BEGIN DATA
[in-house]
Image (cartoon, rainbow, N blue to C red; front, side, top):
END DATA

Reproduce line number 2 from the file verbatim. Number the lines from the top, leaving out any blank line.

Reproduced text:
Image (cartoon, rainbow, N blue to C red; front, side, top):